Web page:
US 3577273 A
Description (OCR text may contain errors)
United States Patent 3,577,273 PRODUCING A TRANSPARENT COPPER COATING ON A SURFACE Leif Erik Roland Soderberg, Lidingo, Sweden, assignor to Aga Aktiebolag, Lidingo, Sweden No Drawing. Filed Nov. 12, 1968, Ser. No. 775,174 Claims priority, application Sweden, Nov. 30, 1967, 16,456/ 67 Int. Cl. H05b 33/28 US. Cl. 117-211 7 Claims ABSTRACT OF THE DISCLOSURE A copper coating having a permanent value of electrical resistance is provided on a non-metallic surface, specially a glass surface, by means of a treatment with a solution of SnF The invention relates to producing a transparent coating of copper on a surface of non-metallic material, such as glass plate, to provide a thermoreflective coating which resists oxidation and does not cause pronounced coloring of visible light passing through, and which has a constant value of electrical conductivity without substantially impairing the transparency to visible light.
Copper is known to be sensitive to oxidation and if copper alone is coated onto a glass surface, the resistance increases with time owing to oxidation. It is known from French Patent specification 1,443,428 to protect a metal coating against oxidation by a treatment with SnCl A coating which is treated in this manner exhibits substantial variation of the electrical resistance with time and according to the proposal of the specification, an improvement is obtained by means of a treatment with a noble metal salt, such as AgNO The invention is based on the discovery that, for protecting a copper coating and providing a resistance which remains constant over long periods of time, a treatment with SnF is markedly superior to treatment with SnCl or with any other tin salt known for such purposes. For this result to be obtained, it has proved essential that there be no substantial exposure of the copper coating to oxygen before treatment with the SnF' solution takes place. The copper-coated surface should preferably be kept wet or, if it is allowed to dry, not be exposed to the atmosphere for more than the order of a minute.
Although the theoretical explanation of the invention is not known, it is believed that there is formed a protective coating not only of tin but also of tin fluoride, which causes the improved protection and constancy of the resistance value.
The invention is applicable to any kind of copper coating deposited according to known methods.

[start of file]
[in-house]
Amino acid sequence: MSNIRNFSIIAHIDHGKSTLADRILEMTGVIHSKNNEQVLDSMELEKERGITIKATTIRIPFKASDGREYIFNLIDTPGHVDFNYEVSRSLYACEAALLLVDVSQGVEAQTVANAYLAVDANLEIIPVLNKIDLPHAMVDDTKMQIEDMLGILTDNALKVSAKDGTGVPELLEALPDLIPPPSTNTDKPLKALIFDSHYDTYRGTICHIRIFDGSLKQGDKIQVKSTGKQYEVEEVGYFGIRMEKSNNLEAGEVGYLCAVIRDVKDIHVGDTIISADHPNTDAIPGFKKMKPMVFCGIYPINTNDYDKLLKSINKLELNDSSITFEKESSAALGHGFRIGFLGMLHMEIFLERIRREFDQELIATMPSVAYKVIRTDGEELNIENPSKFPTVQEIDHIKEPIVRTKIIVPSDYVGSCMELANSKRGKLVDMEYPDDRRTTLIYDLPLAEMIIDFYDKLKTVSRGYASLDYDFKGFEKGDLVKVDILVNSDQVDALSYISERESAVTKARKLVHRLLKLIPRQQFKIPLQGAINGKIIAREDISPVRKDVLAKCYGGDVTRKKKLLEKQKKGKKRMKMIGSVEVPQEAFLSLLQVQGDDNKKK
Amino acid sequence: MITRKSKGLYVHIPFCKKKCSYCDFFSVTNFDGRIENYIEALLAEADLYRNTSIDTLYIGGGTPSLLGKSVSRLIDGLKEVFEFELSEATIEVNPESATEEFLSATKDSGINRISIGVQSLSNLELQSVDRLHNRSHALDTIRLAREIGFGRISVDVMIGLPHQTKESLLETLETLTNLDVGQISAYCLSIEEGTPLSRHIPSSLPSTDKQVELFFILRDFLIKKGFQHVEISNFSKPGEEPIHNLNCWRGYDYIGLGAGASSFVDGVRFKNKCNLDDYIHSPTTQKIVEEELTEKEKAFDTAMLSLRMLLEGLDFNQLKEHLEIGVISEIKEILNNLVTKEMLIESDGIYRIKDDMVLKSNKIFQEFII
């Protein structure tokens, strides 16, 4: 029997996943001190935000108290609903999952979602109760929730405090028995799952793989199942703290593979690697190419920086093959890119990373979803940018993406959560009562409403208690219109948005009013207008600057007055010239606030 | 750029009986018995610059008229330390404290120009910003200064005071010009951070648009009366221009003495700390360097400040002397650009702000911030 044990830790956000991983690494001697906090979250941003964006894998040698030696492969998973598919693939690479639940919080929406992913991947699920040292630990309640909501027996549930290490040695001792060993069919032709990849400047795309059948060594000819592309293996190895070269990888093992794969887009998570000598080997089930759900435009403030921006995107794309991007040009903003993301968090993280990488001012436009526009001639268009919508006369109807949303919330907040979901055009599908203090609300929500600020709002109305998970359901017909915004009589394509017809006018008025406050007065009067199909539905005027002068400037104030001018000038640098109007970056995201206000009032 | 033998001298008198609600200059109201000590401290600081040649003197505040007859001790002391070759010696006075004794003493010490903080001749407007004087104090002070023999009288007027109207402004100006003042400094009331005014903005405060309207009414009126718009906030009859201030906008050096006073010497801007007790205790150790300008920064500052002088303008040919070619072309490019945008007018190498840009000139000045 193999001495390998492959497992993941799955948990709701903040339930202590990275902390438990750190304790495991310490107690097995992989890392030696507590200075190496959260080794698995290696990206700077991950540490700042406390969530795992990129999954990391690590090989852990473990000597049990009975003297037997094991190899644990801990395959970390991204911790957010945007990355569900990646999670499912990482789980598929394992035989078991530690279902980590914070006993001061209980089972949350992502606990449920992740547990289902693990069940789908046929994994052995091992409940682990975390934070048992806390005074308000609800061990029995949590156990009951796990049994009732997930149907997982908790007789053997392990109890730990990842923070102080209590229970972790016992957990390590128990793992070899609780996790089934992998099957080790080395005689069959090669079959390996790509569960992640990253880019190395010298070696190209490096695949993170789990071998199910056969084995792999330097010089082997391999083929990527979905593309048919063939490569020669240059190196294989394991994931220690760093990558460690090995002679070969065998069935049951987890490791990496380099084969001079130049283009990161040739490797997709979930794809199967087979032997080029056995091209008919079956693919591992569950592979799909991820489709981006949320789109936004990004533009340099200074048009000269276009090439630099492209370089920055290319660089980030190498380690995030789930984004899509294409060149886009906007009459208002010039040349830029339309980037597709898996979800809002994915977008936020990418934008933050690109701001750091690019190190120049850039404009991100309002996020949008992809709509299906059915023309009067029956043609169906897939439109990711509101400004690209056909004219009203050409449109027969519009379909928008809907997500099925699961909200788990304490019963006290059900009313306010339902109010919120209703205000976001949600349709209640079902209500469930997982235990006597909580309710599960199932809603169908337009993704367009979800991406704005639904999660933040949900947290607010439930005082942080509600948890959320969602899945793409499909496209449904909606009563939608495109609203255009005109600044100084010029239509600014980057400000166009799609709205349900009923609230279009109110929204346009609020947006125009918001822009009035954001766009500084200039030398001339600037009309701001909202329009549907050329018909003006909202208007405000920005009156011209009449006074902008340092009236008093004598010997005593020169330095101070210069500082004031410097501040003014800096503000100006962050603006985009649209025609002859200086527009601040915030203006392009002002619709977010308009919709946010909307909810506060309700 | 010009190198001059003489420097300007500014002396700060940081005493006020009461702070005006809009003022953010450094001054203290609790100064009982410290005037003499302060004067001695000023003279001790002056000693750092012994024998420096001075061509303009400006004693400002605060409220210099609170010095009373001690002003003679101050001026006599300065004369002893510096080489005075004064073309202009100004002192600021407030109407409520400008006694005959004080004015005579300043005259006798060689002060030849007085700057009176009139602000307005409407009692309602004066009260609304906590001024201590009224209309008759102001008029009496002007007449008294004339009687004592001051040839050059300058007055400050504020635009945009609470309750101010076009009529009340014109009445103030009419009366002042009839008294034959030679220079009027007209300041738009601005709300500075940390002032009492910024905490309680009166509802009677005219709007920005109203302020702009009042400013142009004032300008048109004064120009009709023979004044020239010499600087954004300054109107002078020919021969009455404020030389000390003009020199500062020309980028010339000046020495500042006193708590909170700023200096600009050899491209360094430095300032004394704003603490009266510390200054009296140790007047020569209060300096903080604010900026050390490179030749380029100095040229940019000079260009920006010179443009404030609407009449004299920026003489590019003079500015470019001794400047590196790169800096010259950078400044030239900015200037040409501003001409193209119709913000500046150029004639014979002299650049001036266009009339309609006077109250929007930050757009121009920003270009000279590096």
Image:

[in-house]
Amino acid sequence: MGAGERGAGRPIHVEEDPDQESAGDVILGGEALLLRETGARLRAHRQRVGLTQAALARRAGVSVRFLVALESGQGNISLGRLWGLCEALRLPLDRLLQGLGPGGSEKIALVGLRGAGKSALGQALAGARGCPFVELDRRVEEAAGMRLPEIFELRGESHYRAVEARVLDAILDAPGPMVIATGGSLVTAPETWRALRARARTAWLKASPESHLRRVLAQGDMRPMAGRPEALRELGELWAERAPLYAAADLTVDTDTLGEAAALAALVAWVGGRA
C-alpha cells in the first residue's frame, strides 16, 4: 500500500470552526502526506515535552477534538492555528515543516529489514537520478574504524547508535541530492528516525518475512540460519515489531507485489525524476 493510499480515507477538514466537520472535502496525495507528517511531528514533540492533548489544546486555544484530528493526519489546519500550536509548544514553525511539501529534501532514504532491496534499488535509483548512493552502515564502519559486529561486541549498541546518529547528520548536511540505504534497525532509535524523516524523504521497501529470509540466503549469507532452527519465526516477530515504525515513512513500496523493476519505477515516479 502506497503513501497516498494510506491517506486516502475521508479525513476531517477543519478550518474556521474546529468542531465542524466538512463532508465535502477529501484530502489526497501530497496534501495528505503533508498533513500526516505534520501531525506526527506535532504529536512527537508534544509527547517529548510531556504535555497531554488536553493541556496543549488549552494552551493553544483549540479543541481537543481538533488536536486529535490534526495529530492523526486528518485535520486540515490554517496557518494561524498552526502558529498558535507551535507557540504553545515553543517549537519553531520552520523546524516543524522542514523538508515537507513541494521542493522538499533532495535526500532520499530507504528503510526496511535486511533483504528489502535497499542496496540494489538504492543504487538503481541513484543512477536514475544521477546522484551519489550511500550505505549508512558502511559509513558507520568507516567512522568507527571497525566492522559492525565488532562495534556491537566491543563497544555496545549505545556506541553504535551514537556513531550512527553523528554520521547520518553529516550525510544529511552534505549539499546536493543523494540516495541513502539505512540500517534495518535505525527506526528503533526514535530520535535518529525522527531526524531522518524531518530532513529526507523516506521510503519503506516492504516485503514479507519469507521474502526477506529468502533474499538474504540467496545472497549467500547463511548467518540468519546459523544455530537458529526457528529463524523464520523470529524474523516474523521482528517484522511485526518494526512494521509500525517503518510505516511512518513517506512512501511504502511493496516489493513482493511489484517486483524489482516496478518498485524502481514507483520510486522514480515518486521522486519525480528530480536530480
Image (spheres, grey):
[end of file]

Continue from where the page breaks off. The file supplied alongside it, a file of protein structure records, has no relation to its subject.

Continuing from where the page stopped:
The rinsing referred to below should preferably be performed with deionized water.
EXAMPLE A coppered glass surface having a protective tin coating thereon may be produced as follows:
Thorough cleaning with a detergent or an abrasive Rinsing with H 0 "ice Spraying for one minute with a 0.01 to 0.1% (preferably 0.2%) solution of SnF having a pH of 3 Rinsing withH O Spraying with a solution containing 0.01 to 0.1% (preferably 0.3%) P'dCl pH=4, for one-half minute Rinsing with H O Treatment for about one minute in a copper solution of the following composition:
Cu(NO 5 g. Ni(0.CO.=CH -l g. Sodium-potassium-tartrate50 g. NaOH6 g.
Water to 1 litre Temperature20 C.
Without drying (or only a few minutes after drying),
Treatment with an SnF solution of between 20 and 60 C. (preferably 40 C.) for between V: and 10 minutes according to the thickness of coating desired. The solution should contain between 2 and 10 g. per litre of SnF the preferred value being 3 g./l.
Rinsing and driying.
The addition of nickel acetate to the copper salt solution is not absolutely necessary but has been found to result in an improvement of the homogeneity both mechanically and optically, i.e. to improve the neutrality of the covering.
The depositing of Sn from the SnF -solution has been found to be substantially facilitated if a strip of aluminum metal is held in contact with the copper-coated glass plate in the solution.
As was mentioned above, the invention does not depend on the manner in which copper is deposited, but all known coppering baths appear to be usable. Also, the method of bringing on the copper bath is not of importance; spraying or immersion can be used interohangeably as far as the protective action of the SnF treatment is concerned.
The lower limit of 2 g./l. for the concentration of the SnF- solution is not critical, the important factor being whether the protective effect is strong enough. The preferred value Will usually be found by tests. The upper limit of 10 g./l. also is not critical. As it is approached there tends to develop inhomogeneous areas and some reduction in transparency.
The duration of the copper bath treatment of course is the controlling influence for the thickness of the copper coating in well-known manner. The limits stated above for the bath correspond roughly to transparencies of and 15% to visible light.
1. A method of producing a transparent copper coating on a surface of non-metallic material, comprising the steps of:
depositing a transparent coating of Cu on the surface,
without any substantial exposure of the Cu to oxygen,
treatment of the surface with a solution of SnF cleaning.
2. A method as claimed in claim 1, in which the temperature of the SnF solution is between 20 and 60 C.
3. A method as claimed in claim 2, in which the temperature of the SnF solution is substantially 40 C.
4. A method as claimed in claim 1, in which the i I References Cited SnF solution contains between 2 and 10 grams per litre;
5. A method.- as claimed in claim 4, in which the UNITED STATES PATENTS SnF solution contains 3 grams per litre. 3,382,087 5/1958 Ostrowskl 117-35 6. A method as claimed in claim 1, in which the duration of the SnF treatment is between 1 and 5 minutes.
7. A method as claimed in claim 1, in which the 117 213 duration of the SnF treatment is 3 minutes.
5 WILLIAM L. JARVIS, Primary Examiner